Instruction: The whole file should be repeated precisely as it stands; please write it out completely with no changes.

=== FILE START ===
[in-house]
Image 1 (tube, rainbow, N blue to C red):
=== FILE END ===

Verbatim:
[in-house]
Image 1 (tube, rainbow, N blue to C red):